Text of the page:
Sally Mann’s A Thousand Crossings, now on view at the National Gallery of Art, is the first major international exhibition for the artist, who is both living and regionally based. It’s also a great choice for March, a month dedicated to Women, and the final stretch of the wait for spring, when we can return to the outside and let it embrace us. It’s the time of year when time itself feels most visible: the changing bloom on the trees, the shedding of layer we hid ourselves under.
The passing of time is something Mann is acutely aware of. It has affected her family, but it has also affected the land which shaped her. The South is not the same as it was when she was a little girl, not the same even when her little girls were little girls. She wrote, “Even among the competitive crowd of southern states, Virginia stands out in its obsession with the past. . . . Physically, the reminders are everywhere.”
If you are familiar with Mann, chances are you know her through two things: work that felt so intimate you almost wanted to look away. Namely I am referring to the portraits of her family, especially her three children and her memoir (with photographs) Hold Still, which was a National Book Award finalist a couple of years ago.
In short, Mann is best known for work that holds the beholder unflinchingly close to herself.
Fittingly, A Thousand Crossings is a true story, a journey of a woman’s life, in a space and time and circumstances she didn’t choose, but chose to embrace. The fact that we are invited in, feels like a privilege.
The exhibition is separated into five sections (Family, The Land, Last Measure, Abide with Me, and What Remains) that build up, with many works previously unseen by the public, the microcosms of Mann’s love for her world, no matter how fraught it is.
A lifelong resident of Lexington, Mann is not afraid to face the issues that are imprinted on her beloved Virginia: history, identity, race, and religion.
Her family opens the show, and the photographs of her husband Larry, and children Virginia, Emmett and Jessie set the stage for all that is to come. These, closest to the hearth and heart images, taken in the 80s and early 90s, are heart-stoppingly beautiful and defiant. The images were famously controversial for the freedom exhibited by its underage subjects, as they ran and played and sulked, sometimes naked, for their mother’s camera. In Hold Still, Mann wrote that her family pictures — “could not be completely understood outside the context of this farm”. The Land section that continues in the next room, provides some of that context, and then expanding on it all the way to Mississippi and Louisiana.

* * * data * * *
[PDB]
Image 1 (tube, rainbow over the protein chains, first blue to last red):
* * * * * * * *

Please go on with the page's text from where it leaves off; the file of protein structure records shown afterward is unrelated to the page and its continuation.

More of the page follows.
The time that came after the photos in the Family section makes them feel even more poignant now, and us, and the viewer more connected to the Manns. Larry, who in that first sequence is referred to as the family anchor (“Mom sets the stage, but Dad is the stage”), suffers from muscular dystrophy is the heartbreaking subject of What Remains. Virginia, her daughter, and Virginia, the African American housemaid that raised both Mann and her children, are a joint subject of a sequence on youth and old age, that will bring a tear to the eye of anyone who was raised, in part, by someone in the twilight of their own life.
And those timeless, provocative shots of her children together – Mann, revisited these most recently in 2016 with a solo show at the Gagosian, after Emmet, her eldest, took his life at 36.
It is impossible not to be moved.
Mann’s approach is almost painterly – the prints are a choice she made because “there is nothing more beautiful that a silver gelatin print” – and she relishes the textures, the small imperfections, the labor that goes into these moments as she is committing them to eternity. She only shoots the people and places she loves, even when they are hard to bear.
Because, that’s what true love is. Difficult, beautiful, challenging, rewarding, imperfect, joyful, heartbreaking, but also ALL YOURS.
Don’t miss this show.
A Thousand Crossings is on display now through May 28, at the West Building of the National Gallery of Art. More details on the exhibition and programs surrounding it are here.